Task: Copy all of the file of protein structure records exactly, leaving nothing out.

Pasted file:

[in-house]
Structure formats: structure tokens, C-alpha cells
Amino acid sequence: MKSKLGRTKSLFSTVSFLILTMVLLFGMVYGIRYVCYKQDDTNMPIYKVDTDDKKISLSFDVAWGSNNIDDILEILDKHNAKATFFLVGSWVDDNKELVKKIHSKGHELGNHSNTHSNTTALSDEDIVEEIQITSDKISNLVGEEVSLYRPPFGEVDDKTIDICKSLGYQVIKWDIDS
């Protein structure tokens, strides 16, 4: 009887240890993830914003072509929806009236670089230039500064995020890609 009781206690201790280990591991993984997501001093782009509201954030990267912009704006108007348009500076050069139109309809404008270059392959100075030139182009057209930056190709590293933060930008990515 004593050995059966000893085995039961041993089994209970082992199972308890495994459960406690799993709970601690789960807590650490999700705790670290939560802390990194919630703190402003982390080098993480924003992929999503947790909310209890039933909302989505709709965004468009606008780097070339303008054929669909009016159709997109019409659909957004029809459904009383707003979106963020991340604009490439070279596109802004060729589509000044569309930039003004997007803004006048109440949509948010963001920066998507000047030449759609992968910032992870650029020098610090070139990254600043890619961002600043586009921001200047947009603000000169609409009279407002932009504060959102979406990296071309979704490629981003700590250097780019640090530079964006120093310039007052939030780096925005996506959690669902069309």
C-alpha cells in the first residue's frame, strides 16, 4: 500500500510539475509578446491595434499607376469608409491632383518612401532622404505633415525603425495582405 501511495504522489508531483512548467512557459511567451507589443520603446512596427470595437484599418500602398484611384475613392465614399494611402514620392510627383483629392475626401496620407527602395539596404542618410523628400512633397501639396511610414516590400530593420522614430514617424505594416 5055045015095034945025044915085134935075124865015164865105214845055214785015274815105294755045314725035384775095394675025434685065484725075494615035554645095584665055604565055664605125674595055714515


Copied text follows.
[in-house]
Structure formats: structure tokens, C-alpha cells
Amino acid sequence: MKSKLGRTKSLFSTVSFLILTMVLLFGMVYGIRYVCYKQDDTNMPIYKVDTDDKKISLSFDVAWGSNNIDDILEILDKHNAKATFFLVGSWVDDNKELVKKIHSKGHELGNHSNTHSNTTALSDEDIVEEIQITSDKISNLVGEEVSLYRPPFGEVDDKTIDICKSLGYQVIKWDIDS
């Protein structure tokens, strides 16, 4: 009887240890993830914003072509929806009236670089230039500064995020890609 009781206690201790280990591991993984997501001093782009509201954030990267912009704006108007348009500076050069139109309809404008270059392959100075030139182009057209930056190709590293933060930008990515 004593050995059966000893085995039961041993089994209970082992199972308890495994459960406690799993709970601690789960807590650490999700705790670290939560802390990194919630703190402003982390080098993480924003992929999503947790909310209890039933909302989505709709965004468009606008780097070339303008054929669909009016159709997109019409659909957004029809459904009383707003979106963020991340604009490439070279596109802004060729589509000044569309930039003004997007803004006048109440949509948010963001920066998507000047030449759609992968910032992870650029020098610090070139990254600043890619961002600043586009921001200047947009603000000169609409009279407002932009504060959102979406990296071309979704490629981003700590250097780019640090530079964006120093310039007052939030780096925005996506959690669902069309």
C-alpha cells in the first residue's frame, strides 16, 4: 500500500510539475509578446491595434499607376469608409491632383518612401532622404505633415525603425495582405 501511495504522489508531483512548467512557459511567451507589443520603446512596427470595437484599418500602398484611384475613392465614399494611402514620392510627383483629392475626401496620407527602395539596404542618410523628400512633397501639396511610414516590400530593420522614430514617424505594416 5055045015095034945025044915085134935075124865015164865105214845055214785015274815105294755045314725035384775095394675025434685065484725075494615035554645095584665055604565055664605125674595055714515